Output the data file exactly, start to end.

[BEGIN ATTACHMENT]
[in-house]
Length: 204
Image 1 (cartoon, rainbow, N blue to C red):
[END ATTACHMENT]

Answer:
[in-house]
Length: 204
Image 1 (cartoon, rainbow, N blue to C red):